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Optical Backplane Connectors


As with front panel optical connections, OBO (On Board Optic) modules are easily interfaced to optical
backplane connectors through standard multi-fiber round jacketed cables, ribbon fiber or pre-shaped routed
ribbon fiber technology attached to OBO modules.
Optical FlexPlane can also be utilized with optical backplane specific connection elements on one end of the
FlexPlane and OBOs attached on the other. In this manner very dense and highly complex fiber port mapping
can be accomplished within the system elements. Hardware designers and system architects are attracted to
these interface technologies for a variety of aspects:
• Freeing up front panel space for increased airflow and client or networking ports
• Enabling faster system deployments, upgrades and repairs by eliminating manual installation of front
panel cabling connections
• Increasing interconnect density and easing cable management beyond traditional front panel optical
connectors and transceivers
• Allowing for greater modularization of system components via built in system specific connectivity
configurations such as optical shuffling which standardizes line cards and drawers thus enabling use
of standard structured cabling external to the chassis

Types of Optical Backplane Connectors
Ceramic ferrule based optical backplane connectors were first to market decades ago and for the most part based on industry standard connectors for the user side such as the MU, SC and LC along with custom termini based versions for vendor specific applications. Ceramic single fiber ferrule interconnects utilize a cylindrical ferrule on each side of the interface aligned within a ceramic split
sleeve held in a mating housing normally mounted on the backplane. The board side of the interface is a customized housing mounted to the PCB holding the ferrules designed for proper mating alignment into the backplane housing.

Optical performance and density mimic the standards-based connector with additional dimensional overhead for latching and mounting features. Port counts typically range from 2 to 8 connectors utilizing either 1.25 or 2.50mm ferrules. Cleaning and inspection is more standardized and well supported due to wide adoption of the standardsbased connectors. Today the LC blind mating interface is most predominant in 2, 4, and 8 port counts supporting multimode and single mode fiber.

Multi-fiber MT ferrule based optical backplane interfaces are most common and achieve vastly higher fiber density than ceramic single fiber ferrules by incorporating multiple fibers per ferrule and multiple ferrule ports per connector. Port counts typically range from one 1 to 8 MT type ferrules enabling up to 384 fibers per connector in a 16x55mm area when using 48 fiber ferrules. These interfaces are available from several manufacturers in a number of configurations and mounting styles addressing card cage styles and system specific mechanical and packaging needs.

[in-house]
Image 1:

MT type ferrules utilize precision molded polymer ferrules aligned via metal guide pins in a male/female configuration. Their incorporation within an optical backplane connector housing requires detailed consideration for mechanical alignment and containment for proper operation.

Optical Backplane Connector Mechanical Overview
Early engagement between system architects and optical backplane connector engineers is critical as needs of the system architecture, mechanical enclosure, connector interface and system fiber connectivity scheme are tightly coupled. The number of fibers connected throughout the system can be immense numbering in the thousands making for a complex set of mechanical, optical device, cable management, thermal and usage needs. It is nearly impossible to add optical backplane connectors to a system design after the fact or to even change across different types of interfaces due to mechanical mounting, card pitch and chassis design requirements. One aspect that is very flexible is fiber count per connector due to the many options available in multi-fiber MT ferrules and optical connectors supporting multiple MT ferrule ports. The trade-off becomes optical performance which decreases with an increase in the number of fibers per ferrule and fiber management where a single optical backplane connector can have hundreds of fiber connections.
Mechanical design and mounting needs of optical backplane connectors greatly influences chassis
design due to mating geometries and nuances in latching and holding force required dependant on
the type of connector. As ferrules are individually spring loaded, these forces must either be accounted for in the optical backplane connector or card front panel latches. Spring forces per MT ferrule ranging from 10N for 12 fiber ferules to 20N for 24+ fibers per ferrule is multiplied for each ferrule port of the connector. Considering an optical backplane connector with eight 24 fiber MT ferrule ports and 4 connectors per card builds up to a required holding force of 640N per card. Optical backplane connectors come in two types, self-latching or nonlatching, which in the case of the latter card latches and chassis/backplane structure must compress the ferrule springs and hold the cards and connectors in a mated condition.

Self-latching optical backplane connectors offer additional Z axis travel or float easing card to
backplane design tolerances. The trade-off between the two versions is somewhat dependent on individual connector design and affects density, connector complexity and cost as latches add additional size, design complexity and component count. This is one of the reasons expanded beam and alternate ferrule interfaces are attractive as they greatly reduce spring forces required to hold the ferrules in contact often by a factor of 5 to 10x less force independent of fiber count.